I enjoyed reading Ethan Zuckerman’s post Who’s happy and why?. I suggest you read it first before continuing here.
A country/person’s happiness has always seemed immensely more important to me than other measurements, such as GDP, possessions, and so on. I remember playing a game called Careers as a child. At the beginning of the game, each player chose a combination of fame, wealth and happiness as a target to achieve in their career. I could never understand why anyone would choose anything else but happiness, as wealth and fame at the expense of happiness made no sense to me. The concept pervades ethical philosophy, utilitarianism, for example, aiming to achieve happiness for the greatest number.
So I’ve been intrigued to see the spate of focus on happiness in the media. It even made the cover of the Economist. Measurement is still tricky, and the subjective nature of the techniques may not appeal to those looking for objective truth (just don’t think that the economic stats are objective truth either!).
The data Ethan used comes from the Satisfaction With Life Scale (SWLS), which asks subjects to evaluate the following the following statements:
- In most ways my life is close to my ideal.
- The conditions of my life are excellent.
- I am satisfied with my life.
- So far I have gotten the important things I want in life.
- If I could live my life over, I would change almost nothing.
The map produced from this data shows North America, Northern Europe and Australia as the happiest parts of the world, and much of Africa as rather unhappy. Denmark is the happiest, and Burundi the unhappiest.
I have concerns with the questions, as well as with the results. There are other surveys which produce quite different results. For example, the Happy Planet Index shows the USA close to the bottom. This survey though, takes into account how much a country’s lifestyle infringes on the opportunity of future people and people in other countries to do the same. Which is why the USA appears near the bottom, even though its people rate as relatively satisfied. Even though that principle makes sense to include, it’ll muddy the results here, so I’m going to disregard that survey for now, and just focus on happiness.
Another survey, from New Scientist, also attempting to quantify life satisfaction, lists Nigeria as the happiest nation, and Romania as the least. The Nigeria result is an anomaly, as Nigeria is way down the list in the SWLS results.
Unfortunately I haven’t been able to find the methodology used, nor find the full survey results, so I can’t see where South Africa fits on the New Scientist scale.
But leaving aside the multiple means of measurement, let’s look at an alternative definition. From the Art of Happiness, by Howard Cutler, based on conversations with the Dalai Lama:
- The purpose of life is happiness
- Happiness is determined more by one’s state of mind than external conditions, circumstances or events – at least once one’s basic survival needs are met.
- Happiness can be achieved through the systematic training of our hearts and minds, through reshaping our attitudes and outlook.
- The key to happiness is in our own hands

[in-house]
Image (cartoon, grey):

It’s the second statement that’s important here. Happiness is determined by our state of mind more than external conditions. And for that reason measurement is much easier to do subjectively than objectively.
Also implied in that is what happiness is not. It’s not pleasure. It’s not possessions.
The SWLS statements seem to miss the mark – the Dalai Lama’s understanding seems much deeper. The fourth SWLS question gets alarm bells ringing. So far I have gotten the most important things I want in life. So often I hear statements such as I will be happy if I have…, the object being something like an increase in salary, a lover, a possession, and so on. I believe that’s a trap, and the recipient is never happier when this thing arrives in their life. There may be a fleeting pleasure, but, then the focus shifts to the next target. Now the statement could be interpreted to include abstract things as well, but I’d imagine that many filling out the survey would take it to mean the material only. What about If I could live my life over, I would change almost nothing. Does that really apply to happy people? Let’s take Lama Yeshe Rinpoche, who I wrote about last week, and seems to radiate blissful happiness. He was forced to flee his homeland, and of 300 colleages departing together, only 13 arrived alive. Many members of his family died. Could he really strongly agree with the statement I would change almost nothing. Again, you could interpret the words in different ways, but a casual reading tends to give too much emphasis to external events, when what’s important is our own response to external events beyond our control.
I strongly believe compassion is an important element of happiness. The Dalai Lama was asked Are you ever lonely, and replied, simply, No. Being quizzed on this surprising answer, he attributed it to a lack of fear (lonely people can be held back from connecting with others because of fear of ridicule or judgement), as well as compassion. By feeling generally warm and positive to others, it’s much easier to make meaningful connections.
Getting back to the methodology, there’re a number of inherent problems in subjective measurement. People confuse happiness and pleasure, or possessions and pleasure. But if the test seems to do the same thing, it’s missing the mark.
By measuring compassion (which perhaps can be done a little more objectively, looking at what individuals and countries give each other) there may be another angle to take in the measurement of happiness. Although maybe that just creates a whole new set of complications.